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25 Arrested by Armed Russian Coast Guards Following Arctic Oil Drilling Protest
UPDATE: Saturday, Sept. 21
Greenpeace International dismisses Russian allegations of piracy as "unjustified and desperate"
Greenpeace International has strongly rejected an allegation of piracy leveled at its ship Arctic Sunrise in the Russian Arctic, describing it as a desperate attempt to justify the illegal boarding of its ship in international waters.
Thirty activists remain under armed guard and without legal representation after the ship was boarded on Thursday. Greenpeace is demanding that it is allowed to contact the activists immediately.
Russia’s Investigative Committee announced on Friday that it is formally considering charges of piracy, despite the fact that piracy by definition can only apply to violent acts against ships committed for private ends—not peaceful protests carried out to protect the environment.
Greenpeace International’s General Counsel Jasper Teulings said:
“The suggestion that Greenpeace International engaged in piracy this week smacks of real desperation. The activists climbed Gazprom’s Arctic oil platform for a completely safe and peaceful protest against dangerous drilling, carrying only banners and rope. Piracy laws do not apply to safe and peaceful protests.
“Over a full day after our protest the Russian Coast guard boarded our ship outside of territorial waters, where there is right of free passage, with no legal justification whatsoever. This looks like a retrospective attempt to create that justification and avoid embarrassment. We will contest these allegations strongly and we continue to demand the release of our activists and the ship.”
More than 230,000 people have written to Russian embassies and consulates around the world since Thursday evening demanding the release of the activists. Greenpeace offices in over 30 countries globally organised solidarity protests.
Legal experts have joined Greenpeace International lawyers to declare the boarding of the ship in international waters as illegal. Professor Geert-Jan Knoops, an international criminal law expert based in the Netherlands, said on Friday:
"As far as the facts are known to me exactly, the Russian coast guard was not entitled [to board the ship]."
The ship’s co-ordinates at the time of arrest were 69 19.86’N 057 16.56’E, showing that the vessel was clearly outside of Russia’s territorial waters. The ship was also outside of the platform’s safety- or exclusion zone.
UPDATE: Friday, Sept. 20
Greenpeace International ship remains under control of Russian authorities in Russia's Exclusive Economic Zone
The crew of the Greenpeace icebreaker Arctic Sunrise remain in the custody of Russian authorities following an armed boarding of the ship in Russia's Exclusive Economic Zone yesterday. The ship has now been under armed guard since 1900 Moscow time on Thursday. We can now confirm 30 activists have been arrested.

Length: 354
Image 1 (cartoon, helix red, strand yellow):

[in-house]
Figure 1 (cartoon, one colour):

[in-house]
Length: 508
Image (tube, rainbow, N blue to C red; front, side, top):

It is now more than 12 hours since Greenpeace International has had any contact with the ship, which appears to be heading west towards the Russian territorial waters.
Greenpeace International has not received any formal confirmation of possible charges, and the activists have been denied access to legal or consular assistance. More than 20 Greenpeace offices are organizing protests at Russian embassies around the world today.
The head of Greenpeace International’s Arctic oil campaign, Ben Ayliffe, said:
“The safety of our activists remains our top priority and we are working hard to establish what is facing them. They have done nothing to warrant this level of aggression and have been entirely peaceful throughout. In our last phone call with the ship, the crew said that their spirit remains high and they have been boosted by messages of support from thousands of people who stand with them to oppose dangerous Arctic oil drilling.
“The real threat to the Russian Arctic comes not from the crew of the Arctic Sunrise but from Gazprom, one of the most reckless oil companies in the world today.”
According to one Russian media report, senior officials on Gazprom’s Prirazlomnaya oil platform described a Greenpeace safety pod used in the protest as "resembling a bomb." In reality the safety pod—designed to keep the activists warm—measures 3 meters long by 2 meters wide, is brightly coloured, and heavily branded with Greenpeace logos. The safety pod was designed by competition winner Rubén Bodewig, an architecture student from Spain who beat 350 entrants.
According to activists on the ship, Russian FSB agents forced their way into the ship’s radio room and inflicted significant damage to communication equipment. Some activists were able to conduct interviews by satellite phone from the ship’s mess, where they are being held.
The Russian Coast Guard has boarded the Greenpeace International ship Arctic Sunrise and is arresting the 25 activists on board following a protest against Gazprom’s Arctic oil drilling operations.
At the time of boarding, the Arctic Sunrise was circling Gazprom’s Prirazlomnaya platform at the three nautical mile limit. Coordinates confirm that the ship was inside of Russia’s Exclusive Economic Zone (EEZ), making this an illegal boarding by the Russian Coast Guard. The United Nations Convention on the Law of the Sea guarantees foreign vessels freedom to navigate in the EEZ of another state without interference of any kind. The coordinates at the time of the boarding were: 69-19-53N : 57-16-53E.